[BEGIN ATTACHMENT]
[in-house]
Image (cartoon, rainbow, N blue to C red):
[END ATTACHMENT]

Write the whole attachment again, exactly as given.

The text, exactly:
[in-house]
Image (cartoon, rainbow, N blue to C red):